The Sisters are very energetic and do most of the maintenance work themselves. They also provide other services to the poor, such as doing laundry for families that cannot afford washing machines. The day I visited, Sister Igne was busy mowing the lawn with an antiquated manual mower. She told me that while much had been done to restore the monastery during the past ten years, much more was needed to be done. And that their main source of income are donations.
If any readers wish to help the Sisters with the renovation of the monastery or to support the Holy Cross Social Center, they can write to Sister Igne in either English or Lithuanian. Their address is Sv. Kryžiaus Namai, S. Daukanto a. 1, Vilnius, LT- 01122, Lithuania. Their email address is kryziausnamai@mvs.Icn.It.
nother interesting church I came across during this trip is located on Traku St., also in the city’s Old Town section but a little distance from the beaten path. It is the Church of the Assumption of the Virgin Mary. Its facade is a combination of Gothic and Baroque architecture, and it is one of several churches the Franciscan Order built in Vilnius.
The Franciscans were the first Catholic monks to come to a pagan Lithuania. They arrived around 1250, less than 30 years after the death of their O rder’s founder, St. Francis of Assisi. They were present at the baptism and coronation of Lithuania’s first king, Mindaugas, in 1251-1253. During King Gediminas’ time, they already had two monasteries in Lithuania, one in Vilnius and the other in Naugardukas. Many of them suffered martyrdom, as I described earlier, while spreading the Christian faith among the pagan Lithuanians. In 1341 alone, 36 Franciscans were put to death for that particular reason.
It is generally believed that the Church of the Assumption of the Virgin Mary was built by order of King Vytautas the Great in the early 15th century. In the 16th century, a large complex of Gothic brick structures was built next to the church, which included a monastery. After reconstruction during the second half of the 18th century, the church and the monastery took shape in Baroque style, but motifs of old Gothic (a portal and staircase tower, crystal vaults in the interior) have survived to this day.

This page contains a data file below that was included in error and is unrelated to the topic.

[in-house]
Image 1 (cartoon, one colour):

In one of the church’s chapels there is a statue of the Immaculate Conception created in the middle of the 18th century, which is widely believed to be miraculous.
In the square between the church and the small Baroque Chapel of Sužinai, built at the beginning of the 18th century (next to Traku St.), there was a small cemetery, where at the beginning of the 20th century a monument was erected to Jozefas Montvila, a Vilnius benefactor.
The church was closed down by the Czarist authorities in 1864 during the great uprising of 1863-1865. In the inter-war years of the 20th century, it was returned to the Franciscans who renovated the church and the monastery in 1939.
During the half century of Soviet occupation, the church was closed down again and converted into a storehouse of the State Archives. The interior was badly ravaged, and the large Gothic belfry on Pranciš konu St. was demolished. Recently the church was returned to the Franciscan Brothers.
Aside from the Church of the Bernardines, which is located on the opposite side of the Old Town, this is perhaps one of the most devastated of all the churches in Vilnius. N ot much of its earlier Baroque splendor remains. It is amazing how much damage a foreign occupation and a despotic regime such as the Soviet communists can inflict on beautiful historic monuments and masterpieces of art and architecture. But restoration is in progress, and about half of the church’s exterior has been brought back to its original condition. The renovation of the interior does not show much progress yet, probably for lack of funds. Even so, churches like this one and the one of the Bernardines seem to attract many foreign tourists and weddings. Tourists accustomed to seeing churches in good condition are amazed to see what fifty years of foreign occupation can do to such a beautiful building. And young couples looking for an exotic locale, often choose these churches for their wedding ceremony. Standing inside gives you the impression of being in a movie set or in another faraway historic period.